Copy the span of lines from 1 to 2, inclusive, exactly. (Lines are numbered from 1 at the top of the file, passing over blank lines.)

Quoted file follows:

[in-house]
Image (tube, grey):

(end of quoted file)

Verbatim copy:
[in-house]
Image (tube, grey):